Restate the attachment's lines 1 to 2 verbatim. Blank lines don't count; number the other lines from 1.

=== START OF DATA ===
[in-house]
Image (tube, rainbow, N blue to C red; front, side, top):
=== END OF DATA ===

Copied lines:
[in-house]
Image (tube, rainbow, N blue to C red; front, side, top):